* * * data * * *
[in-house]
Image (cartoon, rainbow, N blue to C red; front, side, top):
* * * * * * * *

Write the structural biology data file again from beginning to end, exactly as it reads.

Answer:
[in-house]
Image (cartoon, rainbow, N blue to C red; front, side, top):